Jay talking: I'm a fan of bans

Banning shisha is fun and rules can solve problems such as hoarding


As many of you will no doubt be pleased to know, it's been another banner week for banning things.

I love bans. I'm a huge advocate of wanton banning as a means of creating an ideal society. (One exception: I would oppose a ban on wantons.)

I mean, sure, your hardcore left-wing liberals will argue that banning is too draconian an instrument and we should use education to help people make the right choices for themselves, but that's just idealistic. (And we should consider banning idealism.)

We've seen time and again that educational campaigns are costly, time- consuming and never produce the sort of results everybody hopes for.

For instance, let's say you want to get people not to fart in public. You could spend millions and millions of taxpayer dollars over years running educational campaigns and never see any meaningful reduction in the amount of public gas.

Or you can just slap on a ban on public flatulence and just like that, boom, you still don't have a reduction in public farting, but at least now, the fines can be a source of revenue.

I know this because my household had previously tried to impose a "swear jar" for farting. It did not reduce the amount of household gas, but provided a useful source of extra funding for items such as air fresheners and scented candles.

But enough about that - you get the point. Banning things is great.

Anyway, as I was saying, I am terribly pleased by the shisha ban in Singapore this week and the ban on Bluetooth selfie sticks in South Korea.

To be honest, I got really excited by the South Korean selfie-stick ban when I first heard about it.

I thought that, finally, here was a government with the good sense and courage to go against the will of Instagram users in the name of the greater good. I mean, the whole selfie wave is clearly ruining our society.

I recently saw a celebrity approach a group of teen girls and just as he arrived, the excited girls - almost in unison - turned their backs on him. Of course, this was not some sort of protest, but a means of securing the coveted selfie.

Unfortunately, the Korean ban was only on uncertified Bluetooth-enabled selfie sticks, rather than on the selfie stick industry as a whole. There will still be loads of selfie sticks around, just that the really cheap ones will be illegal. I guess it's a start.

What did cheer me though is the admission from the authorities that the selfie stick ban serves no purpose.

"It's not going to affect anything in any meaningful way, but it is nonetheless a telecommunication device subject to regulation, and that means we are obligated to crack down on uncertified ones," an official said.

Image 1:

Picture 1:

That is precisely the sort of attitude I like to encourage - meaningless banning.

While the South Korean ban is great, the Singapore one is not shabby either.

Now, I know what you are thinking, what kind of society do we live in that bans shisha but continues to let the atrocities of the selfie stick exist?

This is a good point and we should eventually ban that too, but let us not lose sight of how significant the shisha ban is.

To me, it marks a brave new frontier of banning things and may now finally open the door to some more aggressive banning.

All too often, when Singapore bans something, it tends to be something new, say a new film or a book or a website or some guy who claims he can teach Singaporean men how to seduce women.

None of these are terribly disruptive measures since the bans deprive us only of things we have not yet experienced.

(Admit it, most of us guys have no idea what it is like to seduce women. Some of us are not even quite sure how to talk to one.)

Shisha is different though. I know a lot of people who have tried it at least once.

Sure, it's terrible for you, but it's been around for years and there is already a well-established market. Banning it would force a lot of restaurants in the Arab Street area to change their business models and will likely change the vibe of the place.

It's almost like suddenly forbidding the sale and distribution of char kway teow. I feel like we have not had a ban this fun since we made world news by outlawing the sale of chewing gum.

And now that we are open once again to banning existing things, we should start looking at the various things we can ban.

With a little imagination, I feel like there is no problem today that cannot be solved by some judicious banning.

Take, for example, the problem of hoarding. A recent survey showed that nearly eight in 10 Singaporeans above 40 are still hanging onto their old school assignments. This is an obvious problem given how cramped most of our homes are.

I can understand it though. I've been out of junior college for more than 15 years and I still have my biology notes. Why?

The simple reason is I know the day I throw any of it out, someone is going to ask me what happens in the fourth stage of the Kreb's cycle and I'm not going to know.

Also, my father is still holding out hope I will go to medical school and I may need those notes then.

I would think about throwing them out, however, if there was a ban on old lecture notes.

I also want to ban SMS messages that consist solely of the letter "k" and those little blue ticks on WhatsApp that let you know if someone has read your messages.

Anyway, these are just some examples off the top of my head. I'm sure you have many better ones. Let me know what things you would like to see banned.

Or maybe you disagree with me and think that nothing should be banned. You can write to me too... although there should be a ban against that.